All over the financial world, investment experts are rethinking what it means to invest in energy. The British economist Nicholas Stern recently said, “Strong investment in sustainable infrastructure—that’s the growth story of the future… Any attempt at high-carbon growth would self-destruct.” And last year, the investment bank division at Morgan Stanley advised clients that long-term investment in fossil fuels may be a bad financial decision. “Investors cannot assume economic growth will continue to rely heavily on an energy sector powered predominantly by fossil fuels,” the bank said.
Stern and Morgan Stanley understand that the world has changed and our approaches to investment need to change with it. As chief investment officer for a firm that focuses on sustainable investing, I think a lot about portfolio theory and next economics, the argument that the field of economics must change in order to incorporate the realities of climate change. In thinking about next economics and investing, I ask myself two questions that I recommend to all investors. “What will the world’s economy look like in 10 and 20 years?” And, “What would I like it to look like by then?”
Our answers should inform where we invest. By formulating a thesis about the economy’s evolution, rather than its past, we can position ourselves to take advantage of high-growth areas. We can also help effect a far more efficient economy.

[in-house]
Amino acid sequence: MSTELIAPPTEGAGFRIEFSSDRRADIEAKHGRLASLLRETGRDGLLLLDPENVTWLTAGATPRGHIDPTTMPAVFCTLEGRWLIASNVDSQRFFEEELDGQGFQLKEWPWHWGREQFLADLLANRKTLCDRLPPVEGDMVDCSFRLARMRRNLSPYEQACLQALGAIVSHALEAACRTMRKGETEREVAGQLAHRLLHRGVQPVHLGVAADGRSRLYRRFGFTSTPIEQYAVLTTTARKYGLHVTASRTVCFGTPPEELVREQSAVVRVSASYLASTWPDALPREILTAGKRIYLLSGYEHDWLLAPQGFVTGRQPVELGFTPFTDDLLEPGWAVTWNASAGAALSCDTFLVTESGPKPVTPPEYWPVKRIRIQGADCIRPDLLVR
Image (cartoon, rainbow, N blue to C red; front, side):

Let me explain. Every year since my partners and I founded Green Alpha, we’ve observed innovations emerge and compound like a fast rolling snowball. Each innovation, improvement and tool in the economy is smarter than the last and is immediately put to work in the development of a new generation of smart tools, a cycle that shows no sign of slowing or reversing. I’d write a book with a title like Special Topics in Next Economics 2017, but the pace of innovation is so fast that it would be out of date before I could get it done. Several of these trends merit not just our attention, but also our optimism.
They’re cheap and getting cheaper. In 2016, we saw the price of solar-generated electricity fall below that of wind, making it the least expensive source of power generation available, half the price of new coal. Because they’re tech-based rather than commodity-based, wind and solar will continue getting cheaper, generating more and more of the world’s energy until they ultimately have most of the energy market share. At some point, markets will understand solar for what it is and begin to value it appropriately.
Is renewable energy adoption at scale for real? President Obama just wrote about the “irreversible momentum of clean energy” in Science, and many of the world’s largest companies are on the same page, working towards running all operations on wind and solar. The poster firm for this is Google Alphabet, which says it will hit its goal of 100 percent renewable power for all operations this year. The company is a huge consumer of power, and its transition to wind and solar is resulting in large emissions cuts for the economy, as well as business stability and cost controls for their business. Cities are getting in on this too, with San Francisco, San Diego and others planning to run entirely on renewables by 2035 or sooner.